There’s never been any scientific data to suggest that IgG tests correlate with allergies. I think that IgG tests are great only if you want to lose weight because you will be told to avoid all of the things that are in the Western diet.

Food allergies do exist and although in some the symptoms can be severe and even life threatening, in others the symptoms may be more mild and include worsening of eczema.

Oral allergy syndrome is a very real thing, and I would classify it as a real food allergy. If you get an itchy mouth or throat when you eat certain fruits or vegetables, that’s oral allergy syndrome.

Some people are allergic to certain pollens. What is pollen? It is nature’s way of reproducing itself; trees and grasses and weeds make pollen, and there are proteins in those pollens that we can be allergic to. That’s why we get itchy eyes, mouth, throat, and palate when we’re in pollen season.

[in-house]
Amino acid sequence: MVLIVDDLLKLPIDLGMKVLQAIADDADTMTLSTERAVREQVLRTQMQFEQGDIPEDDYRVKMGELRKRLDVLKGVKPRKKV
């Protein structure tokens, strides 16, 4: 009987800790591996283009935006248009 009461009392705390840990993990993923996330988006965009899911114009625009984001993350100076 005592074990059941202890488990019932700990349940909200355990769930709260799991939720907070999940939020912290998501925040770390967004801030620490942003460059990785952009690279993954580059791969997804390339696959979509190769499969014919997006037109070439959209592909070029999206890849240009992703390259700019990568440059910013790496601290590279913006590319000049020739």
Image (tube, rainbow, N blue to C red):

Now, what are fruits and vegetables? They’re another of nature’s ways of reproducing itself, and it turns out that many of the proteins found in fruits and vegetables are similar to the proteins found in pollen. If you take a handful of fruit or a bite of it, and it’s related to a pollen that you’re allergic to, it can make your mouth itchy because your immune system has a hard time distinguishing between the two. That’s a real food allergy — and it’s a relatively common type of food allergy.

The point is that diagnosing food allergies can be difficult and identifying whether a food is truly causing a problem requires obtaining a good history; testing is used to help confirm the diagnosis but sometimes food challenges are necessary to be sure. This is especially true in patients with eczema who may test positive to a variety of foods.